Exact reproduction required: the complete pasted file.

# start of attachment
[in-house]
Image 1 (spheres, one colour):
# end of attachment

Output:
[in-house]
Image 1 (spheres, one colour):